The SAI service presents a stage full of readers, such as Wayne State University Provost Dr. Margaret Winter and her husband, Professor Geoffrey Nathan, and soprano Shirley Benyas as featured soloist among the chorus. Distinguished attorney Eugene Driker often delivers a sermon.
“We have no political agenda and welcome people of all persuasions — political and religious,” Dworkin said.
Jewish Parents Institute
“Though Yom Kippur has traditionally been thought of as a time when Jews are focused on God, secular Jews take the opportunity to look at human action,” said Marilyn Wolfe, director of the Jewish Parents Institute, which offers a Sunday school and programing for families.
“Yom Kippur means not ‘Day of Atonement,’ but ‘Day of Cleansing,’” she said. “We retrace our steps and allow our essentially good human nature to surface again … The great beauty of humanity is that we have the ability and freedom to renew ourselves and make a fresh start. It is in this discovery that the meaning and significance of Yom Kippur lie.”
Member families conduct services at JPI, which has offered Rosh Hashanah for more than 50 years and Yom Kippur since the 1980s. Students participate as readers, singers in the choir and sometimes play musical instruments.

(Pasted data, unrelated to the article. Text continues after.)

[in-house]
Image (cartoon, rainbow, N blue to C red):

The one-hour services “have always been free of charge, and the community at large is invited to attend,” Wolfe said.
Jewish Cultural Society
Julie Gales is the madrika (leader) at the Ann Arbor-based Jewish Cultural Society. She grew up and formerly worked at JPI, which did not originally observe Yom Kippur. There was a sense then “that such traditionally religious holidays could not be separated from a belief in God or the judgment about one’s past deeds by a supernatural power —which we didn’t believe in.”
JPI and JCS eventually developed Jewish New Year festivals “to come together as a community and to reflect on our actions or acts of omission and to support each other,” Gales said. Traditional Jewish new year observances were reframed “because Secular Humanistic Jews believe in modifying traditions to make them more meaningful” to modern-day Jews.
The most unique reinterpretation is tashlich, a High Holidays ritual in which religious Jews cast off their sins by throwing bread crumbs into a flowing body of water.
Gathered at Island Park, JCS members honor the tashlich tradition by throwing flower petals into the Huron River.
“As we do so, community members have a chance to reflect on their individual and communal actions and deeds over the year, to cast off behaviors that they are not proud of and to vow to be better people in the year to come,” Gales said.
“Watching the kaleidoscope of color flow down the river is a peaceful and soothing way to transition into the New Year,” she said. “It provides a beautiful, yet concrete expression of our hope for the future.”
By Esther Allweiss Ingber, Contributing Writer